"The Dukes of Hazzard"

The charms in this latest TV show remake are skimpier than Jessica Simpson's short shorts.

Published August 5, 2005 4:34PM (EDT)

"The Dukes of Hazzard" must have been a blast to make: all that crazy stunt driving, Seann William Scott and Johnny Knoxville cutting up right and left like rowdy schoolboys, Jessica Simpson traipsing around on the set in shorts that look like something she scrounged up from a Barbie case. If only it were that much fun to watch. Like most movies based on old television shows, "Dukes" is all concept, with a few jokes written into its crevices. In patches, it's entertaining in a wholly disreputable way, and you can't say it doesn't have a sense of humor about itself. But it never allows you to get lost in its crazy, speed-limit-busting world -- it's way too knowing for that. The movie invites us to thrill to barroom brawls and smash-'em-up car chases as long as we swear we're doing so ironically. And where's the fun in that?

Seann William Scott and Johnny Knoxville play Georgia cousins Bo and Luke Duke, whose chief form of entertainment is tooling around Hazzard County in Bo's 1969 orange Dodge Charger. Sometimes when they're tooling, they're actually working, transporting their uncle's moonshine in Mason jars (Uncle Jesse is played, with zero irony and a great deal of laid-back zest, by Willie Nelson). From time to time, they get into scrapes, pissing off the local sheriff (M.C. Gainey) and cramping the style of crooked county commissioner Boss Hogg (Burt Reynolds, looking taut and tan in an all-white cowboy get-up). But just when you think they've landed in hot water they can't possibly wriggle out of, their cousin Daisy -- long of limb and short of short -- sashays in to save the day. (She's played by Jessica Simpson, a very tan girl with a smile attached, who looks a little surprised every time she's called upon to utter a line, which, fortunately, isn't very often.)

"Dukes" features some wild stunt driving, and for those of us who have issues with authority figures, there are a few cathartic moments in which cop cars get blown up and such. And in the movie's early scenes, at least, its mere bumptiousness is entertaining. Bo, as prep for the big race he's about to enter, pops an audiobook by Al Unser Jr. into his car tape deck. ("No questions, only Unsers!") Luke scrambles in and out of the windows of local honeys when their shotgun-toting dads aren't looking. Luke and Bo, defending Daisy's honor (wholly unnecessary, since she's perfectly capable of looking after it herself), start a barroom brawl in which chops are busted and asses are kicked. The whole thing seems so perfectly good-natured that you settle in for some harmless, silly fun.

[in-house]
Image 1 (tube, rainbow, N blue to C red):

But "Dukes" runs out of gas early on. The two male leads are fun to watch: Knoxville swaggers through the picture like a sexy junkyard dog, and the demented gleam in Scott's eyes is the sort of thing that makes you want to lock up your daughters. But after the first few scenes, there's virtually no writing for them to work with: They're just goofing around and driving really fast. (John O'Brien wrote the screenplay. The story is by O'Brien and Jonathan L. Davis, based on the characters Gy Waldron created for the television series, which ran for six seasons, ending in the mid-1980s.)

"Dukes of Hazzard" invites us to revel in its low-class high jinks, but they're faux low-class high jinks. The picture has a costly glow, like Prada boots that have been distressed to look like they've actually seen farm work. And while the "movies based on TV shows" thing isn't exactly my favorite genre, I'd enjoy pictures like this more if they were at least honest about the big, dumb pleasures they have to offer. The press notes for "Dukes of Hazzard" feature a quote from producer Bill Gerber: "I was searching for a project that really captured the American spirit," he begins. "The heart of 'The Dukes of Hazzard' is family and protecting what you love."

Actually, the heart of the TV show was looking at Catherine Bach's ass and watching shit get fucked up. Maybe that really does capture the American spirit, but I'm not sure that's what Gerber thinks.

By Stephanie Zacharek

Stephanie Zacharek is a senior writer for Salon Arts & Entertainment.

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